For some of these same reasons, it’s wise to attend a birthing class with your partner. There are all kinds of classes, usually offered by hospitals, but what matters is that you get educated about the physical changes in your partner and child. Best of all, you will have other parents with whom you can talk and share your concerns. It’s a wonderful bonding time for you and your partner and great way to connect to some other folks who are in the same boat as you.
What if there are health concerns for my baby or partner?
Just like you cannot live in fear of whether or not you will get in a car accident or plane crash, you should not give in to major anxiety over health problems for the mom or child. Bad stuff can happen, but the odds are in your favor if you have no medical issues going into the pregnancy. In the case that you do have pre-existing concerns, which can range from genetic issues to physical fragility for your partner before pregnancy, or should issues arise with the fetus during pregnancy, you should rely on your medical professionals for advice.
Also, there are excellent tests that doctors can perform to determine the possibility of birth defects. These are especially helpful with mothers who are thirty-five and older. A Chorionic Villus Sampling (CVS), which involves taking a small tissue sample from outside the sac in which the fetus is growing, can predict a number of defects and therefore can be quite comforting when the test indicates little concern.
Will I be ready for the big moment?
If you go to most OB/GYN appointments, attend a birthing class, and talk a lot with your partner, you’ll do the lion’s share of work to prepare for the baby’s arrival. Outside of that, you should make sure you actually know how to get to your chosen hospital (print out directions and put them in the car, if you think you’ll be in a state of panic), tour the labor and delivery ward of your chosen hospital, pack a bag for your wife with some clothes and snacks (maybe her favorite CDs), arrange for someone to walk your dog or feed your cats at home, and bring phone numbers and your cell phone to make calls. It’s not a good idea to worry about too many other details—you need to be mentally present to enjoy that big moment.
Should I take paternity leave?
Taking time off after your child is born is highly recommended. Plan on anywhere from three days to two weeks, at least. If you can take more time, it’s all the better. Your partner will need you to help with the feeding and holding of the baby. It’s good to get right into a rhythm of co-parenting from the very beginning. Most of all, this is the time to form that bond with your little bundle of joy. Employers and clients may not always like when someone is away from the job for a while, but they can function without you. Years down the line you will not kick yourself for having been away from the job, though you will feel bad if you missed the time immediately after the pregnancy.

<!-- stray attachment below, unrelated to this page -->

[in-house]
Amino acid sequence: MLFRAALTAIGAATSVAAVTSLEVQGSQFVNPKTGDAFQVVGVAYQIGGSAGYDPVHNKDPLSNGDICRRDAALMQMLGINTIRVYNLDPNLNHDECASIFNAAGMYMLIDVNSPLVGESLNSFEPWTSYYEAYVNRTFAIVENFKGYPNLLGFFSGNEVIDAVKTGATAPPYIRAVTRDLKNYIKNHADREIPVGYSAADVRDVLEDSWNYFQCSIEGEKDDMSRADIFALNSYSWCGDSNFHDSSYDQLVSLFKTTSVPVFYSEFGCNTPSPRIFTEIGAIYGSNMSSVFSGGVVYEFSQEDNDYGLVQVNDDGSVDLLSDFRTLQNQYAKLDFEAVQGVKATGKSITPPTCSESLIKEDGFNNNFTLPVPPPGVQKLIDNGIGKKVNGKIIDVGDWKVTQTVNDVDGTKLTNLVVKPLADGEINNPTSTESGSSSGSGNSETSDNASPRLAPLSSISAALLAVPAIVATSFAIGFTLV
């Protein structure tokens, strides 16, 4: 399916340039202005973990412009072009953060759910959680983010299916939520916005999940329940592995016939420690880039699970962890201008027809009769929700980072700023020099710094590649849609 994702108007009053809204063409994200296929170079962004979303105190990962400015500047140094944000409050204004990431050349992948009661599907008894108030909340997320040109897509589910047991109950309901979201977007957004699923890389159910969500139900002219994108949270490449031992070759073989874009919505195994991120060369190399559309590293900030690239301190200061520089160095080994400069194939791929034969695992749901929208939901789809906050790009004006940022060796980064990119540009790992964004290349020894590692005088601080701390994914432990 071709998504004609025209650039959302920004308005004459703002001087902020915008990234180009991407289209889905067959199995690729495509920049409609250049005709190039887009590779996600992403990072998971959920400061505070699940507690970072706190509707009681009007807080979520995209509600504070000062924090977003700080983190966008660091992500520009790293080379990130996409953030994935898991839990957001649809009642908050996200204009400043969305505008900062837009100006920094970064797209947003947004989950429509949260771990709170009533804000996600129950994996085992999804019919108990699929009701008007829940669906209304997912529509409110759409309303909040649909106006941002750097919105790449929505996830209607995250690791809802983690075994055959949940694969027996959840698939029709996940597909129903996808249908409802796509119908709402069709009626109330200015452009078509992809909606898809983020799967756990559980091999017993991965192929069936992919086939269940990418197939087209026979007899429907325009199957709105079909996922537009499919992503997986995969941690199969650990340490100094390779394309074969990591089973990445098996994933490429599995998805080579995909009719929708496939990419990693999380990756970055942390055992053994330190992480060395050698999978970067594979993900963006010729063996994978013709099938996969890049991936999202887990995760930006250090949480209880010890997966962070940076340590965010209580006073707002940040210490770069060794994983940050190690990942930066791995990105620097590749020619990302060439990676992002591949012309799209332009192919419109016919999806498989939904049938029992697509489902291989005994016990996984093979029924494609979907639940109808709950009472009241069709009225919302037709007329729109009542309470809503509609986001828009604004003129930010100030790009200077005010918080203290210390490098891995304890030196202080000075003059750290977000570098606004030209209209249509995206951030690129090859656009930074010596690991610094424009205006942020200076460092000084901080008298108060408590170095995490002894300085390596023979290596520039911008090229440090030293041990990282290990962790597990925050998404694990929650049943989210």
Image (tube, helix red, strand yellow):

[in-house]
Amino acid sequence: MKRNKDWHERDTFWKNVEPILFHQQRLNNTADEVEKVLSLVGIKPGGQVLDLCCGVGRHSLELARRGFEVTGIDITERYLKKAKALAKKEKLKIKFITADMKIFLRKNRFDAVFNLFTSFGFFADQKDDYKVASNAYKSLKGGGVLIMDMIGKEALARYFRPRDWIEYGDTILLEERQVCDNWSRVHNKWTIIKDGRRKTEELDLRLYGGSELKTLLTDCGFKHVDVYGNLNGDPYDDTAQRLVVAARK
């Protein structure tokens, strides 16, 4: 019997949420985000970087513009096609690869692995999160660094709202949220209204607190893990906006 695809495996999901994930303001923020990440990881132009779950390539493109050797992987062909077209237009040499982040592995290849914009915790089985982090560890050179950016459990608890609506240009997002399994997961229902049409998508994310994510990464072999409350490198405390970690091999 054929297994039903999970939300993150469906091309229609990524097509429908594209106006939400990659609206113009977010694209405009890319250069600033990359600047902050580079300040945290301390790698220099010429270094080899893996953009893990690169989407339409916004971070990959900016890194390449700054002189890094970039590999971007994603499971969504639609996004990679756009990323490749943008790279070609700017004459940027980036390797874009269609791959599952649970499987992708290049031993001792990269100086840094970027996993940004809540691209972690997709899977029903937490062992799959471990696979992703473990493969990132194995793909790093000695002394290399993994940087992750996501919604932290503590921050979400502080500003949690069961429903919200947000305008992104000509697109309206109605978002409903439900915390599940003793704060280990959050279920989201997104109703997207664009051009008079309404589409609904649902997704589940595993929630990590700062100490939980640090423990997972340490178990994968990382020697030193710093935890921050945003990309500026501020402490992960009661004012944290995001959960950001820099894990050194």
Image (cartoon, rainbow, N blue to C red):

Prepare for the leave by giving your employer or clients your due date and expected time off. If need be, arrange for backup assistance by keeping a co-worker in the loop on your projects so you can be away without having to call in after the baby arrives. Don’t cheat yourself out of the time you plan for, either. Take as much time as possible, even if you feel bored just sitting around with a sleeping baby in your arms. Before you know it, you’ll become entertained by the little sighs and finger movements that reveal the small miracles of infancy.
Paternity leave is also an opportunity to jump-start your new work-family balancing act. You will test out this juggle and learn whether it matters to you to be home in time for dinner, whether you really need to take all of those business trips, and whether a day off here and there to be with your child is valuable.
How much will my lifestyle change?
You’re kidding with this one, right? Your lifestyle will change a lot, starting with a lack of uninterrupted sleep (taking short naps whenever possible can alleviate some of the pain). You will need to be home more often to help care for your child, limiting your social life. You will sacrifice your personal time, in general, to give some over to your child. However, a lot of the changes will be gradual because your infant will not need to be shuttled to school or other activities quite yet. You might enjoy the extra TV watching while your baby sleeps or needs rocking. So, you will have a chance to ease into alterations that will look dramatically different in a few years’ time.
In place of everything that you will lose will be the rewards of child rearing. You will find someone who will be comforted by you, fed by you, entertained by you. As many times as you may have heard it, there is no denying that there’s nothing more fulfilling that being a parent.
What kind of father will I be?
While you may also be thinking about the kind of mother your partner will be, you’ll spend more time worrying about your prospects as a dad. For many men who like their own fathers, they will want to emulate them—at least the good parts. Guys with bad paternal experiences will do anything to be different. Whatever your background, it is only a part of what will make you a father. You will choose the way you wish to parent, how much time you will make for your child, and how collaborative you will be with your child’s mother.
Frankly, you’re going to make a lot of mistakes. Some will be big and others tiny. Parenting is very difficult. It involves a lot of experimentation on subjects who depend on us for good judgment. This is where you have to remember that fatherhood is a lifelong process that you will refine every day. But as hard as it is, you will be good at it simply by being loving, supportive, and present.
Written by Gregory Keer, fatherhood expert and author of The Family Man ® column.